Monitoring arterial blood pressure during whole body hyperthermia.
ABSTRACT For monitoring of arterial blood pressure (ABP) during whole body hyperthermia (WBH) different methods have been recommended. This investigation was performed to evaluate the agreement of invasive measurements at various sites, and to compare invasive and non-invasive methods of ABP monitoring under conditions of a heat-induced extreme vasodilation.
In 19 patients, 48 treatments with WBH were performed. Measurements of ABP in the radial and femoral artery by oscillometry and by sphygmomanometry were taken at four temperature levels during WBH (37, 40, 41.8 and 39 degrees C).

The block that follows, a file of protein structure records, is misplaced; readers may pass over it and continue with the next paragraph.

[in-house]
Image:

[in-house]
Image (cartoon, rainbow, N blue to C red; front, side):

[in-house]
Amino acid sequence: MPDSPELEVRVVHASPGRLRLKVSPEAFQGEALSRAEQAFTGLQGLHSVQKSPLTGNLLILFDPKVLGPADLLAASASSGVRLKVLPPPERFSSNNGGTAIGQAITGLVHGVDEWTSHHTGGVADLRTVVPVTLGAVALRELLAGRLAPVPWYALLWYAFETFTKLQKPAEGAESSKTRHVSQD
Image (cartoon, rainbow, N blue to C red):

Significant differences were observed between invasive and non-invasive methods for systolic ABP, with higher values for non-invasive measurements. When compared with both invasive measurements for diastolic blood pressures, sphygmomanometry gave higher values and oscillometry gave lower values. Sphygmomanometry also showed higher values for mean ABP compared with all other techniques, while measurements in radial and femoral artery and by oscillometry only differed by approximately 5 mmHg.
The mean arterial pressure and not the systolic and/or diastolic pressure should guide hemodynamic management during WBH. The sphygmomanometric technique is not recommended for use during hyperthermia.